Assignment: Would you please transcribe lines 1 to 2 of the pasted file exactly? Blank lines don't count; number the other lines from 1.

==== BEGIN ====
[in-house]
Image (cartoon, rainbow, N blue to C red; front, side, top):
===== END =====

[in-house]
Image (cartoon, rainbow, N blue to C red; front, side, top):